As the world welcomes the news of Dr. Amit Kumar's arrest, the kidney racket kingpin who brought shame to India, is currently taking a long rest behind bars.
Kumar was arrested from a jungle resort at Chitwan National Park, Nepal after days of being on the run from law enforcement authorities.
According to the Nepalese police, the doctor who made no attempt to flee, then tried to bribe them into letting him go, with two million rupees.
At Chitwan police station where he was next taken, he reportedly told the police that he had come to Terai district to open a kidney transplant centre. Kumar was brought to Kathmandu, the Nepalese capital, this morning.
Deputy Inspector General Kiran Gautam of Kathmandu Police, gives that Kumar is being kept at the Hanumandhoka police station and will be interrogated shortly.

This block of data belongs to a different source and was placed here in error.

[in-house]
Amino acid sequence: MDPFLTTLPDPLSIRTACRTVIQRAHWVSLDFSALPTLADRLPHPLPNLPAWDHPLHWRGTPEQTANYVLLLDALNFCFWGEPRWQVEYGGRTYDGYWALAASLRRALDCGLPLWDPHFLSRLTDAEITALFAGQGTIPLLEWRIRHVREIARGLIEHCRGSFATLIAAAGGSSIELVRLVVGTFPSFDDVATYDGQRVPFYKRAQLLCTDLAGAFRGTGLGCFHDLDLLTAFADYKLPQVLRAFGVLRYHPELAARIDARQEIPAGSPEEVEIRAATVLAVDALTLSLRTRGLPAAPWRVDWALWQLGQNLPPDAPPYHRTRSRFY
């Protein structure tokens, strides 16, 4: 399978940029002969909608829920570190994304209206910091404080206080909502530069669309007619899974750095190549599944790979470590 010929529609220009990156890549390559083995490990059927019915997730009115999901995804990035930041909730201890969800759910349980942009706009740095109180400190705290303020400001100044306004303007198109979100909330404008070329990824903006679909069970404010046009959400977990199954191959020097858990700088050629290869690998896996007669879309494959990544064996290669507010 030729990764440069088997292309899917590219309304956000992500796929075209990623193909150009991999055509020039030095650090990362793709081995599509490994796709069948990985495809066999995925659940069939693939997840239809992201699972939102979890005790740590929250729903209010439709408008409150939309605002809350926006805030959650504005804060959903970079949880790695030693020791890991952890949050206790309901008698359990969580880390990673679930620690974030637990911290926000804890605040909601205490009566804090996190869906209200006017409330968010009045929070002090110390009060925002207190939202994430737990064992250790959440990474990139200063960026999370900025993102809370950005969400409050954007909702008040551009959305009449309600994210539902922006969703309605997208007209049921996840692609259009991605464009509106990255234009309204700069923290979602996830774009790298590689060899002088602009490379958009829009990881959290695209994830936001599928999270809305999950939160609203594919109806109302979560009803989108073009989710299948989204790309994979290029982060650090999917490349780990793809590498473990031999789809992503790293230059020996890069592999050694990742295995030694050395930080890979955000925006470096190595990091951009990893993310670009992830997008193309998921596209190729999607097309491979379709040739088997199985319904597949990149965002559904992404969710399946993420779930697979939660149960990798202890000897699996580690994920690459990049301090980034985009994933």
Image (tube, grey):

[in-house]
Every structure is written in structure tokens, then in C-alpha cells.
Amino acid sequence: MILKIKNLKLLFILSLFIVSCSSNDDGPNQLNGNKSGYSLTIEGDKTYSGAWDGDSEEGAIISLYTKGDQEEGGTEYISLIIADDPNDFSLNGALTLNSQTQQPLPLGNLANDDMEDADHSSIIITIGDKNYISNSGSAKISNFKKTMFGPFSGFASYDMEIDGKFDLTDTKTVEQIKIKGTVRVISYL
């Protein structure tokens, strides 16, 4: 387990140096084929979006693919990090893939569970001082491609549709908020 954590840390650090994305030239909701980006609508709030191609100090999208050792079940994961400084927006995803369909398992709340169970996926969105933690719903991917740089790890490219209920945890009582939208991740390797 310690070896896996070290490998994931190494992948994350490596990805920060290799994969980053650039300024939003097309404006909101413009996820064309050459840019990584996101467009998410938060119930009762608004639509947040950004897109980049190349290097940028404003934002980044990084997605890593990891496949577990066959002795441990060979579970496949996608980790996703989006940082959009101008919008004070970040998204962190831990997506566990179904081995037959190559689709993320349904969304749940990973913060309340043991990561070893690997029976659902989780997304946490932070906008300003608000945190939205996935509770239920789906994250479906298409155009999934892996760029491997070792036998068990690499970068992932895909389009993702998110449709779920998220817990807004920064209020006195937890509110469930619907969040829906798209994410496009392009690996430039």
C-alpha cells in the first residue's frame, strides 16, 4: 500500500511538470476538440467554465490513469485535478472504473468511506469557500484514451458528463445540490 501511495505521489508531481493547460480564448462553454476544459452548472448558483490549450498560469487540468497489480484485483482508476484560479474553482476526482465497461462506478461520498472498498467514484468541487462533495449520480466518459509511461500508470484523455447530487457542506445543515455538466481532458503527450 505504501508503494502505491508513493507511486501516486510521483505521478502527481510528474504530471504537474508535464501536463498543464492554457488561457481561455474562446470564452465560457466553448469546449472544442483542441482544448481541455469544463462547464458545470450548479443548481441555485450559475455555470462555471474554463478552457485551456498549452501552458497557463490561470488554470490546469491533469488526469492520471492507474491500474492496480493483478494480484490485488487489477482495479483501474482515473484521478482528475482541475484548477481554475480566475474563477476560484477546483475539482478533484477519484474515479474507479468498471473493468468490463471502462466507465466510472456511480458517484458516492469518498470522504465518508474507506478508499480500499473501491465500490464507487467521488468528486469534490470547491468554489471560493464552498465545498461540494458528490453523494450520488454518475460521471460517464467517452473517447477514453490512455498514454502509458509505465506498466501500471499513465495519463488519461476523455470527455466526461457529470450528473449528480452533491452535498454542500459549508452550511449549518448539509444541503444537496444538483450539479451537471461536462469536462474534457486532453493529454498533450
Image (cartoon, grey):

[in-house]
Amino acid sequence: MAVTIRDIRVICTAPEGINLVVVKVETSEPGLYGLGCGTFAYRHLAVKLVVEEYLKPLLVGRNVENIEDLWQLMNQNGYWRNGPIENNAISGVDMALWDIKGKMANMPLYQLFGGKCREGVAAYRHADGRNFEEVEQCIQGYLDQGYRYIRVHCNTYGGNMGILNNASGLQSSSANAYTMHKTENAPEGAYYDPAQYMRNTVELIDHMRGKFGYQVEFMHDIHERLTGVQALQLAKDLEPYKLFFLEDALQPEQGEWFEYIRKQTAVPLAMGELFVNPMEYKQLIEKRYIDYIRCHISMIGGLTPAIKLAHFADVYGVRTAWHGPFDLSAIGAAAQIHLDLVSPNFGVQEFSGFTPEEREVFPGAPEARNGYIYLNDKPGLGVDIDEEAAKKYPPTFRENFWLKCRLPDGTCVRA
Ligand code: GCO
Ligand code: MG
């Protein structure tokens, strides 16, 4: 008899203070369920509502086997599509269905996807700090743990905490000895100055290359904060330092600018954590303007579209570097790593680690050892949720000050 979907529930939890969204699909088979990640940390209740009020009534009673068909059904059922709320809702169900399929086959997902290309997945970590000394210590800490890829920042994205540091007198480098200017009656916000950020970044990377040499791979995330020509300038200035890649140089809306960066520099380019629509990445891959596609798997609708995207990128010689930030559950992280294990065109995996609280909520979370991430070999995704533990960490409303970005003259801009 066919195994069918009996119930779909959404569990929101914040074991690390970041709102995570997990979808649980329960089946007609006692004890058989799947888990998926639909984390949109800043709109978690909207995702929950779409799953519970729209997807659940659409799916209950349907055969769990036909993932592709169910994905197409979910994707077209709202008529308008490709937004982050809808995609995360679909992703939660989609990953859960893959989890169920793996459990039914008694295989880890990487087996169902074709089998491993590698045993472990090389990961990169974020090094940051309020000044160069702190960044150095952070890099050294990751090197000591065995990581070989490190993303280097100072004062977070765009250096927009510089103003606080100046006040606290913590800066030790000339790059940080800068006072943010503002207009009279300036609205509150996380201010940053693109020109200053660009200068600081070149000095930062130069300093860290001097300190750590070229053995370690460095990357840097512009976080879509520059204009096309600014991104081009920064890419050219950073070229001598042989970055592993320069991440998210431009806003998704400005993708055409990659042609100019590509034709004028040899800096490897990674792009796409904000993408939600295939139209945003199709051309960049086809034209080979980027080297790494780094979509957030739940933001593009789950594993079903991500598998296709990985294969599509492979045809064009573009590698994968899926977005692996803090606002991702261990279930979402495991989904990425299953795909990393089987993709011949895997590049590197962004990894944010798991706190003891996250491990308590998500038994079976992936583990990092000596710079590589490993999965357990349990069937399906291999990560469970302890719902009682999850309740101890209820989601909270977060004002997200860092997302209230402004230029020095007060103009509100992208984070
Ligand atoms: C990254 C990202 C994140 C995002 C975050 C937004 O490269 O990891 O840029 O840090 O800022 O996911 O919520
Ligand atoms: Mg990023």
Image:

Meanwhile, an Interpol Red Corner Notice has already been issued against the tainted doctor after the news of the massive racket which had tentacles reaching out to various states and even countries, became public on January 24.
The CBI Director Vijay Shankar has been reported that his office will be approaching Nepalese authorities in order to get Kumar deported to India.
Still, if Kumar's involvement in a kidney racket in Nepal can be proved, he will be charged in a Nepali court , say authorities. Nepal Police have been for some time, probing Kumar's links with various kidney transplant rackets here.
In Canada too, things are not looking so rosy . Once he is convicted Dr. Amit Kumar stands to lose his permanent residence status in the country.
"It is absolutely tragic to allow people to run trade in human organs. Buying and selling of human organs is inhumane and unethical," former Canadian Health Minister Ujjal Dosanjh says. "It is trafficking in human organs, it is an uneven business where the rich take advantage of someone's poverty," Dosanjh adds.
At present no one at Kumar's luxurious residence in Pali Drive, Toronto is taking any calls.